Microsoft Senior Executive Scott Charney suggested in October that virus-infected PCs should be quarantined from the Internet.
The proposal met huge criticism and debate across the industry and Charney appears to have reflected on his idea recently. Speaking at the RSA conference earlier this week Charney said “in the course of the last year as I thought a lot more about this I realized that there are many flaws with that model.”
Charney proposed a possible approach to addressing botnets and other malware that impacts consumer machines. The approach called for sick PCs to be treated in the same way that society deals with infected humans. Charney described the issue in a company blog post in October and explained that firewalls, antivirus and automatic patch updates aren’t enough. “Despite our best efforts, many consumer computers are host to malware or are part of a botnet. “Bots,” networks of compromised computers controlled by hackers, can provide criminals with a relatively easy means to commit identity theft and also lead to much more devastating consequences if used for an attack on critical government infrastructure or financial systems.”
He went on to explain how individuals that are not vaccinated against human viruses put others’ health at risk and that there are processes governments use to track and control the spread of disease. “Simply put, we need to improve and maintain the health of consumer devices connected to the Internet in order to avoid greater societal risk. To realize this vision, there are steps that can be taken by governments, the IT industry, Internet access providers, users and others to evaluate the health of consumer devices before granting them unfettered access to the Internet or other critical resources.”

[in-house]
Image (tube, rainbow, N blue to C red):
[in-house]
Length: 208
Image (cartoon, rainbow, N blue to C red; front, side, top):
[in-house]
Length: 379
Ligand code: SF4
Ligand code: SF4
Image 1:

The main issue that Microsoft wants to tackle is the ever growing army of robot PCs. Botnets are networks of compromised computers controlled by “bot herders” or “bot masters” that use the thousands (sometimes millions) of compromised Windows machines to distribute adware, spyware, spam emails and launch DDoS attacks. Botnets are typically installed onto end users machines by web browser vulnerabilities, worms, Trojan horses, or backdoors. A “bot master” will then control the machines by IRC commands to launch attacks or send email spam. Early last year Microsoft announced, that together with industry partners, it had executed a major botnet takedown of Waledac, a large and well-known “spambot”. At the time the software giant said it was looking to be “even more creative and aggressive in the fight against botnets and all forms of cybercrime.”
Charney penned a new blog post earlier this week detailing the feedback and criticisms he has received. The main question appears to be around privacy. “A related concern raised is that people might be cut off from key services like Voice over Internet Protocol (VOIP) phones to contact emergency services or machines used for medical devices. This is an area that needs to be accounted for in driving social, political and technical alignment to develop acceptable solutions,” says Charney.
Charney still wants to hear from those with feedback or suggestions. Internet privacy and security has been a long running debate across the industry for many years and Microsoft wants to address some concerns with new actions. “Advancing such a far-reaching proposal certainly raises many important issues that will need to be worked out, but when I look at the extent of the problem we are dealing with, I think we need to come up with systematic solutions,” added Charney.